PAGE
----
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Applying The Rigors Of Internship Principles To A Successful Co Op Design

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1998 Annual Conference


Seattle, Washington

Publication Date

June 28, 1998

Start Date

June 28, 1998

End Date

July 1, 1998



Page Count


Page Numbers

3.107.1 - 3.107.6



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Virendra K. Varma

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NOTE: The first page of text has been automatically extracted and included below in lieu of an abstract

Session 1148

Applying the Rigors of Internship Principles to a Successful Co-Op Design

Virendra K. Varma, Ph.D., P.E. Missouri Western State College

Abstract: The major purpose of an internship is to develop an individual’s occupational competence by application of theoretical knowledge attained through successful completion of course work which is related to the individual’s profession. An internship provides a link between theory and practice, and gives an individual a first-hand experience of involvement in real jobs. Problem-solving skills are enhanced during the course of internship, and a much clearer picture of the profession develops. While there is confusion among educators between cooperative education (co-op), internship, and the work experience, they all tend to accomplish the same, which in essence is providing the student appropriate occupational experiences. Both internship and cooperative educational initiatives serve as pathways for a student to apply and test his learning attained in school. This paper addresses the conceptual design of co-ops that has served the interests of students at Missouri Western well over the last fifteen years. Input from local industry is discussed, and suggestions for improvement of co-op design are made.


If I were to follow the thread of my own journey through engineering education on the way to getting my first degree in civil engineering in the early 1960s, I may set the tone of this paper on an autobiographical course, but the intent and scope of the paper is much broader. It is to use my own example and my own experiences to explain what role does ‘practical training’ play in the overall professional development of a student. The phrase ‘practical training’ has other names, such as internship, co-op, work experience, etc. Going through an academically rigorous 5-year degree program in civil engineering at the time when the space exploration and the race to get to the moon were on the high priority list, our school required that all engineering students complete one summer after the third year, and one summer after the fourth year, taking practical training in industry. We were required to write a technical report on our engineering experiences, and on return to the school, we were interviewed by a team of professors to evaluate our involvement, and depth of exposure to various engineering functions while on the job. The internship gave us the opportunity to develop a deeper understanding of the profession which we were to join on graduation.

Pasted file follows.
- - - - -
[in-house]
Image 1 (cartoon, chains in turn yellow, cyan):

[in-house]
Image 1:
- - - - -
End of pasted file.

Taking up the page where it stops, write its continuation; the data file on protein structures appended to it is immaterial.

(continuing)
What were my on-the-job internship experiences? One summer, I interned on a steel mill construction project which required huge foundations supported on massive pilings. The other summer, I was involved in the intricacies of design and construction of a defense project of major importance; the job involved rock blasting and construction of a camouflaged operational building with two communication towers made of self-supporting galvanized steel structures. Having been already taught, and trained in the structural theory and design of structures at school


Varma, V. K. (1998, June), Applying The Rigors Of Internship Principles To A Successful Co Op Design Paper presented at 1998 Annual Conference, Seattle, Washington. 10.18260/1-2--6924

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